According to new research carried out by Hometrack, the property market analysts, Glasgow and Edinburgh currently have the fastest- rising house prices in the whole of the UK, indicating increased activity and interest for buyers and sellers in these local markets.
In the past 12 months, house prices in Glasgow have grown by 7.9%, slightly higher than Edinburgh which has also seen a rise of 7.6%. The UK average stands at 6.3%, up from 4.9% the previous year, demonstrating just how healthy the market is north of the border, with sales numbers in Scotland forecast to continue to grow throughout 2018.
The average house price in Glasgow, according to Rightmove stands at £150,750, with affordability barriers being less of a factor compared to elsewhere in the UK, creating more demand, activity and burgeoning prices. With homes still affordable, particularly for first time buyers, this allows people that first step on the property ladder, creating a climate of homeowners. Home sellers are in a good position too, with values rising and demand continuing to outstrip supply, with plenty of affordable mortgage deals to be found for potential buyers.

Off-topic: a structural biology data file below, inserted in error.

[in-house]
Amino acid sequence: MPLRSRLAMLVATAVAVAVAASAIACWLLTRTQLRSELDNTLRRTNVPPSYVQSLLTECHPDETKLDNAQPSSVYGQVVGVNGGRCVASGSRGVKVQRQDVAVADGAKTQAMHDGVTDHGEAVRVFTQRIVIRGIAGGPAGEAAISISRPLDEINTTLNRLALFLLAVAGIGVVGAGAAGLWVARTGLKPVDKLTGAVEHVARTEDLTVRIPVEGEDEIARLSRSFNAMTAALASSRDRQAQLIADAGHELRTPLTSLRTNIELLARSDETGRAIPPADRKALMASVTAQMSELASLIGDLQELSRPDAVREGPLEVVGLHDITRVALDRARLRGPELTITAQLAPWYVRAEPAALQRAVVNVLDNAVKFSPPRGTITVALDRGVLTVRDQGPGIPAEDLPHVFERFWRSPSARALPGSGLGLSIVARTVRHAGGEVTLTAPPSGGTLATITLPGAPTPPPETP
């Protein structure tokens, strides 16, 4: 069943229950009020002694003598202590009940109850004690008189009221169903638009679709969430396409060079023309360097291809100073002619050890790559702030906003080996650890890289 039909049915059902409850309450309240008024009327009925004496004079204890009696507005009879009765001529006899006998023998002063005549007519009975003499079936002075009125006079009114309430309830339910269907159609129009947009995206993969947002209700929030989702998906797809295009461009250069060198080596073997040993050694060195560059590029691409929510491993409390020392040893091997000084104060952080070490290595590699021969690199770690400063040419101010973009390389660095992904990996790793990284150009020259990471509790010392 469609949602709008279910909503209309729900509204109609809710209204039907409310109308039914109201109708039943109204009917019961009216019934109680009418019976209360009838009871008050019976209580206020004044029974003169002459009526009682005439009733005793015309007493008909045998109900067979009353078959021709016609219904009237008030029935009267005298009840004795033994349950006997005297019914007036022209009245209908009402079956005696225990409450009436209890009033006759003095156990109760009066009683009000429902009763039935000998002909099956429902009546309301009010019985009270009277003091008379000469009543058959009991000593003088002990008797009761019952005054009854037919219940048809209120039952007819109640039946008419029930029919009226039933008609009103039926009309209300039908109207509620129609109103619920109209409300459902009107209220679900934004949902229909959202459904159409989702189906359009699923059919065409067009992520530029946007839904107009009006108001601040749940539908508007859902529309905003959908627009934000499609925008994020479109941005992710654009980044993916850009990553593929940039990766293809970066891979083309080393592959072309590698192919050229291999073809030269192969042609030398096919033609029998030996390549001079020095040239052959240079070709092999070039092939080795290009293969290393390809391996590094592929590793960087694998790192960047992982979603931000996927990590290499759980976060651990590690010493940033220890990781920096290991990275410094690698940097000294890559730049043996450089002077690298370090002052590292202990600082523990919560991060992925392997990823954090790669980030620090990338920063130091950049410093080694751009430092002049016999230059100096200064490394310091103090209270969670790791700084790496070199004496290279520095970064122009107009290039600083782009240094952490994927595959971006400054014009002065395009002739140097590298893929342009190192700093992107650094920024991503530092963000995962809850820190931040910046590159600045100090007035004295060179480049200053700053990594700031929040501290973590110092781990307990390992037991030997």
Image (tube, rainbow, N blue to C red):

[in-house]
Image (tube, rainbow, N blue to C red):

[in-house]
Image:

It shows a new trend, with experts speaking of a ‘dramatic north/south shift’, as areas like London and the Southeast face a price wall in terms of affordability for buyers. Low growth in London of just 2.7%, compared to 6.3% last year, shows a dramatic difference in property markets between the north and south.
Edinburgh, traditionally more expensive than the west coast, sees an average house price of £254,748, again, according to Rightmove figures, still affordable compare to southern cities of London (£623,807), Cambridge (£358,046) and Bristol (£289,304).
At Clyde Property, we’ve seen first-hand how the Scottish property market has remained strong and prosperous, proving to be resilient and showing positive sign of growth. Recently, increased interest rates have led to a number of lenders offering attractive re-mortgage deals for existing homeowners, who are now perhaps looking to move a step up the property ladder.